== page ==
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The Magic Cafe Forum Index » » You are getting sleepy...very sleepy... » » Rapid Hypnosis online videos: need your opinon (0 Likes) Printer Friendly Version

Jean-Denis
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Canada
126 Posts

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I always wanted to witness two things: Rapid inductions and online hypnosis demonstrations (instead of simply books). I came across the following site and bought the third hypnosis video explanation:

http://www.mindworks.uk.com/hypvids/hypv......odauthor

I must say I'm very satisfied, even if the explanation was quite simple, but I wonder if some of you have bought one of the other ones, and what you think about these inductions.

Finally, do you think that what we see is real? I mean, is the guy an actor or is it real? Well, even if the guy is an actor, I still beleive that these inductions work, but I have not tried the one I bought yet. I'm considering buying the other ones. Thanks for your comments.
The Count of Three
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81 Posts

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J-D,

No reason for a stooge. Rapid inductions can work. Keep in mind the process of hypnotic *conditioning*: the demo subject is the same in all the videos. They've worked together multiple times, which doesn't make it stooging, it's just that when the subject is familiar with what trance feels like, and trusts the hypnotist, and has a willingness to follow directions, it's that much easier to go into hypnosis. And each time, you can go faster & deeper (especially if the hypnotist has suggested this).

I looked at the site & think the material is quite overpriced. I was quite shocked that each video is only a couple of minutes long.

A much better value, to my mind, is Gerald Kein's "Rapid and Instant Inductions" video. I own it. And there's two solid hours of instruction (and the underlying theory & subtleties) on the tape/DVD.

http://www.omnihypnosis.com/rapinduc.htm (Of course this tape is marketed for clinical hypnotism, rather than stage-style, but it's very educational.)

A few free(!) bits of advice for you:

Different styles and speeds of inductions are appropriate for different settings.

There are certain tried-and-true inductions around, but if you've learned the *principles* behind hypnotic inductions, then you can use your creativity to come up with your own!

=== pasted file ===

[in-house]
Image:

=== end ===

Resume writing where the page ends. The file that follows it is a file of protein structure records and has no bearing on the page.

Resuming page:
Rapid/instant inductions work, but it's vitally important to immediately follow up the induction with *deepening techniques*, otherwise your subject will rapidly emerge.

That's why once you know how to take a person into hypnosis, that you also need a clear idea of what you want to happen next. For example, after deepening, what phenomena do you want to suggest that they will experience? Consider the importance of *convincers* (phenomena which allow the subject to convince themselves that, yes, they are hypnotized): if you don't use them, many people won't believe they have been hypnotized, because the experience is not what they expected it to be.

Good luck!
Richard Busch
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Pittsburgh, PA - USA
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I'd like to echo (and compliment) the above skepticism from Chaldean. Those techniques shown are old fashioned, naive, inelegant, disrespectful, and a possible lawsuit just waiting to happen from touching people, jerking them around, and risking injury to their back, neck, arms, muscles, etc. What you think is cool because it seems to be "working" is taking you down the wrong road, going in the wrong direction. My sincerely best advice is: don't do it. It's not a trick or parlour game. No kidd'n. I write these words as a kindness to protect you from avoidable risk. Nuff said.
Richard Busch
<BR>www.RichardBusch.com
<BR>RichardBusch@RichardBusch.com
www.TheMindFocuser.com
Jonathan Townsend
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Eternal Order
Ossining, NY
27226 Posts

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Richard, where can we read or see hypnosis in action? The "show" stuff is kind of scary and I'm curious what the perceptual and functional dimensions of hypnosis are for the patient/client/ (victim?)

Thanks in advance.
...to all the coins I've dropped here
Richard Busch
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Pittsburgh, PA - USA
105 Posts

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And my compliments as well to Mr. Townsend. Having a psychological background, he knows that legitimate clinical training techniques are generally private to health & hypnosis professionals in the field. He subtly reminds us to remember the difference between clinical hypnosis (patient/client oriented) and "victim" as in an exceptionally bad stage hypnosis program. Many stage hyp. performers like Ken Weber (you know him from Maximum Entertainment), Ford Kross, Paul Alberstat, Sam Hawley and others do a fine job. Many more however are unprofessional in every sense. They don't know what they are talking about and don't know they do not know. Beware of their "instant" products. The techniques they offer are relics of old-fashioned thinking and old-fashioned money makers.